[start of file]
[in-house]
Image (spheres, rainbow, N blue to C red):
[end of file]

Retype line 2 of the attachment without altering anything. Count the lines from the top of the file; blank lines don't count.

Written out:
Image (spheres, rainbow, N blue to C red):